Social media is a fact of life, and it can be a great thing. It lets us stay in touch with friends and family, gives us leads on jobs, and helps us coordinate big events. But there’s a dark side to everybody being in touch with everyone else, and it needs to be kept in check.
A Riot Of Social Media
Social media is an app hothouse. No sooner do parents hear about a new social media app before it runs its course with young people and becomes “uncool.” Worse, there’s a limit to what these apps can do to prevent abusive behavior or dangerous individuals from signing on. Many simply don’t have the money or staff to police their users, especially if their user base grows rapidly.
Add to this that criminals often know their targets, and you have a serious social media problem. Few kids are likely to trust a total stranger asking them to meet them at the mall without their parents, but what about somebody they interact with every day?
There are steps you can, and should, take to increase social media safety, such as regularly talking with your kids about what they’re using and why, and teaching them to spot manipulators. But rather than attempt to track individual apps, or looking through their phone, it makes more sense to track them at the platform on which the apps are used.
A tracker can also be used to make sure kids are where they’re supposed to be throughout the day. That said, a tracker can only track the device as long as its enabled, and the location of a device is not necessarily the location of its owner.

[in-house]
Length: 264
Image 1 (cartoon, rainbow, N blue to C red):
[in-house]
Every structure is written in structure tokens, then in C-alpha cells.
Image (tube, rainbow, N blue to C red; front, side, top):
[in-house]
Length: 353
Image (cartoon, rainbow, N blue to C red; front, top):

Action, though, is better than reaction. Parental control apps can be used to shut down messaging apps and social media sites, keep them from being downloaded or accessed, or limit how much time is spent on them. Some apps also are “unzipped,” meaning that functions such as messaging are on separate apps, so you can let teens onto Facebook while shutting off Messenger.
However, both trackers and apps are only a back-up to honest, open communication and education. Parents and kids need to have a discussion about the rules, why they’re in place, and what kids need to look out for when they’re on the internet. Make sure that kids know:
- How manipulators operate and how to spot them
- How to “trust but verify” with relatives and family friends
- When to come to you when they feel there’s a problem or point of concern
- How to handle abusive or rude people
- What to do when somebody asks them to meet them in a public place away from their parents
Part of growing up is learning how to engage with the world. Smartphone trackers and parental control apps can serve as “training wheels” for developing good judgment. To learn more about Screen Time and smartphone tracking, try it for free!read more